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Focus: Foreigners permitted to establish partnerships in China

15 December 2009

In brief: China's State Council has released the Administrative Measures Governing the Establishment of Partnership Enterprises by Foreign Enterprises or Individuals in China, permitting foreign participation in Chinese partnerships. Partner Campbell Davidson , Senior Associate Wayne Wang and Consultant Crystal Zhang report.

How does it affect you?

  • The Administrative Measures Governing the Establishment of Partnership Enterprises by Foreign Enterprises or Individuals in China (the Measures):
    • encourage foreign companies, or individuals, with advanced technology and management experience to set up partnerships in China;
    • promote the development of the modern service industry and other industries;
    • provide an alternative structure for foreign investment in China; and
    • do not require approval from the Ministry of Commerce (the MOC) for the establishment of a foreign invested partnership (FIP).
  • The Measures will come into effect on and from 1 March 2010.

Background

On 25 November 2009, China's State Council released the Measures, which were issued under the PRC Partnership Law released on 27 August 2006. After three years of anticipation, the State Council has now permitted foreign participation in Chinese partnerships.

Forms of establishment

Under the Measures, an FIP may be established by:

  • two or more foreign enterprises or individuals (foreign investors); or
  • one or more foreign investor(s), together with PRC individuals, legal persons or other organisations.

Foreign investors may also join an existing PRC domestic partnership enterprise and convert it into an FIP.

Regulatory approvals

Generally, all forms of foreign investment in China require the MOC's approval. In the previous informal discussion drafts of the Measures that the MOC and the State Council prepared, the MOC's approval was required to establish an FIP. Unexpectedly, upon the formal enactment, the Measures do not require the MOC's approval to be gained.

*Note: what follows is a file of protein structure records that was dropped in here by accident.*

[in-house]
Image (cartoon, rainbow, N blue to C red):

However, the establishment of an FIP must be registered with the State Administration of Industry and Commerce (the SAIC), which shall, following its registration of the FIP, notify the MOC branch that is at the same level. All of the partners shall delegate, or jointly authorise, a representative to lodge application documents with the SAIC, in accordance with the Administrative Measures On the Registration of Partnership Enterprises released by the State Council on 9 May 2007. In particular, the applicant must submit a statement of its compliance with the policies on foreign investment industries, which are set out in the Guiding Catalogue of Foreign Investment Industries (Amended 2007) and other relevant measures.

If the establishment of an FIP involves investment projects that must be approved by the National Development and Reform Commission (the NDRC), approval from the relevant NDRC must also be obtained under the relevant regulations.

Equity investments

Before the enactment of the Measures, a foreign invested enterprise was generally prohibited from engaging in 'equity investment' as its main business scope, unless it was a foreign invested holding company or a foreign invested venture capital investment company. A foreign invested equity investment consulting / management company may engage in investment consulting but not in 'equity investment'.

The Measures contemplate that an FIP may engage in equity investment as its main business scope. FIPs that do so must, however, also comply with the state's other laws and regulations.

Capital contribution

There is no minimum capital contribution requirement. Similarly to other foreign invested vehicles, foreign investors may, under the Measures, contribute to the registered capital of an FIP with freely convertible foreign currency or legally obtained renminbi.

Conclusion

The Measures contain only 16 articles, most of which are high-level principles. Based on the PRC's common practice of law making, more detailed implementation rules are likely to be enacted later. It remains to be seen whether, upon the enactment of more detailed implemention rules, there will be any change to the MOC's role in the approval process for the establishment of FIPs, and if there will be further regulations that will give greater certainty to an FIP's ability to make equity investments.

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